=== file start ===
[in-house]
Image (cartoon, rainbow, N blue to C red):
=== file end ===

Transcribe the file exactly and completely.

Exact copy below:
[in-house]
Image (cartoon, rainbow, N blue to C red):